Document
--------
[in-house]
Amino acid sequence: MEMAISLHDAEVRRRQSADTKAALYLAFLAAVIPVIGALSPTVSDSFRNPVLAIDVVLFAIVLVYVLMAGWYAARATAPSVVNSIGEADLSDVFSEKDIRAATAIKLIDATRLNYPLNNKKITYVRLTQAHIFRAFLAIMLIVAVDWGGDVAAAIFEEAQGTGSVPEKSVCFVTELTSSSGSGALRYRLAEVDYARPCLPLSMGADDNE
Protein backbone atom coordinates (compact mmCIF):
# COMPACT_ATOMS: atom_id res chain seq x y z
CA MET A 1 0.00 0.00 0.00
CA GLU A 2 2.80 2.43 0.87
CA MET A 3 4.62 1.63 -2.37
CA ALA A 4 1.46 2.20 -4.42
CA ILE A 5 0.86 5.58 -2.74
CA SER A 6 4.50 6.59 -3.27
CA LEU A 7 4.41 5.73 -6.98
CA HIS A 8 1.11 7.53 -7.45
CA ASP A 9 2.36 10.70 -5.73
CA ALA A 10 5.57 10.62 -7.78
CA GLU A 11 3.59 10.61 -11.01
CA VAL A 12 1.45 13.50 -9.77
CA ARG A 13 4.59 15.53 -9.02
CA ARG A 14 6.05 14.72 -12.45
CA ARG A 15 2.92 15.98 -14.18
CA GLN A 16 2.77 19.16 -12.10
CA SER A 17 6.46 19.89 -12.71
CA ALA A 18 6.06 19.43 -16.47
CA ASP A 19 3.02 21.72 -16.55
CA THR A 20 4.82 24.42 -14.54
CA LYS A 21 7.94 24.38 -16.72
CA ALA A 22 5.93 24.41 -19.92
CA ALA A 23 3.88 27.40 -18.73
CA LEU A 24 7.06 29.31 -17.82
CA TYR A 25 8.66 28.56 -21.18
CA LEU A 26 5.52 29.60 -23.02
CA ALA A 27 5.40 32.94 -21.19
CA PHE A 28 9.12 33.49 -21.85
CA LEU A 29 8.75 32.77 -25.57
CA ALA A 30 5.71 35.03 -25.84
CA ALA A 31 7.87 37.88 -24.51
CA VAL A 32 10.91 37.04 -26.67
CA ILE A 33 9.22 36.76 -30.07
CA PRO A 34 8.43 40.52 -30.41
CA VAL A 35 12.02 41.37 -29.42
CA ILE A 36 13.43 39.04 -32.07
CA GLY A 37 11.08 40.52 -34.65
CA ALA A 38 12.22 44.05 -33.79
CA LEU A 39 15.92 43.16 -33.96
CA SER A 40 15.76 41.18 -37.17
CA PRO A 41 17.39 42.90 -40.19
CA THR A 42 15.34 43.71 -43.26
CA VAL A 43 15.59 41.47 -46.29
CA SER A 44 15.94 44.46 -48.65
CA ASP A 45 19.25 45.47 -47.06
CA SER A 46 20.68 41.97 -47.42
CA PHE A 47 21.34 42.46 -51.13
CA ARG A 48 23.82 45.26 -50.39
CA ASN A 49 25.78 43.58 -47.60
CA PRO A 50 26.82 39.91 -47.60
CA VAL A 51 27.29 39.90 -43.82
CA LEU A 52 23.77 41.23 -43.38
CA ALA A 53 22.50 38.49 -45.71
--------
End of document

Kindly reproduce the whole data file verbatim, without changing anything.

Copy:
[in-house]
Amino acid sequence: MEMAISLHDAEVRRRQSADTKAALYLAFLAAVIPVIGALSPTVSDSFRNPVLAIDVVLFAIVLVYVLMAGWYAARATAPSVVNSIGEADLSDVFSEKDIRAATAIKLIDATRLNYPLNNKKITYVRLTQAHIFRAFLAIMLIVAVDWGGDVAAAIFEEAQGTGSVPEKSVCFVTELTSSSGSGALRYRLAEVDYARPCLPLSMGADDNE
Protein backbone atom coordinates (compact mmCIF):
# COMPACT_ATOMS: atom_id res chain seq x y z
CA MET A 1 0.00 0.00 0.00
CA GLU A 2 2.80 2.43 0.87
CA MET A 3 4.62 1.63 -2.37
CA ALA A 4 1.46 2.20 -4.42
CA ILE A 5 0.86 5.58 -2.74
CA SER A 6 4.50 6.59 -3.27
CA LEU A 7 4.41 5.73 -6.98
CA HIS A 8 1.11 7.53 -7.45
CA ASP A 9 2.36 10.70 -5.73
CA ALA A 10 5.57 10.62 -7.78
CA GLU A 11 3.59 10.61 -11.01
CA VAL A 12 1.45 13.50 -9.77
CA ARG A 13 4.59 15.53 -9.02
CA ARG A 14 6.05 14.72 -12.45
CA ARG A 15 2.92 15.98 -14.18
CA GLN A 16 2.77 19.16 -12.10
CA SER A 17 6.46 19.89 -12.71
CA ALA A 18 6.06 19.43 -16.47
CA ASP A 19 3.02 21.72 -16.55
CA THR A 20 4.82 24.42 -14.54
CA LYS A 21 7.94 24.38 -16.72
CA ALA A 22 5.93 24.41 -19.92
CA ALA A 23 3.88 27.40 -18.73
CA LEU A 24 7.06 29.31 -17.82
CA TYR A 25 8.66 28.56 -21.18
CA LEU A 26 5.52 29.60 -23.02
CA ALA A 27 5.40 32.94 -21.19
CA PHE A 28 9.12 33.49 -21.85
CA LEU A 29 8.75 32.77 -25.57
CA ALA A 30 5.71 35.03 -25.84
CA ALA A 31 7.87 37.88 -24.51
CA VAL A 32 10.91 37.04 -26.67
CA ILE A 33 9.22 36.76 -30.07
CA PRO A 34 8.43 40.52 -30.41
CA VAL A 35 12.02 41.37 -29.42
CA ILE A 36 13.43 39.04 -32.07
CA GLY A 37 11.08 40.52 -34.65
CA ALA A 38 12.22 44.05 -33.79
CA LEU A 39 15.92 43.16 -33.96
CA SER A 40 15.76 41.18 -37.17
CA PRO A 41 17.39 42.90 -40.19
CA THR A 42 15.34 43.71 -43.26
CA VAL A 43 15.59 41.47 -46.29
CA SER A 44 15.94 44.46 -48.65
CA ASP A 45 19.25 45.47 -47.06
CA SER A 46 20.68 41.97 -47.42
CA PHE A 47 21.34 42.46 -51.13
CA ARG A 48 23.82 45.26 -50.39
CA ASN A 49 25.78 43.58 -47.60
CA PRO A 50 26.82 39.91 -47.60
CA VAL A 51 27.29 39.90 -43.82
CA LEU A 52 23.77 41.23 -43.38
CA ALA A 53 22.50 38.49 -45.71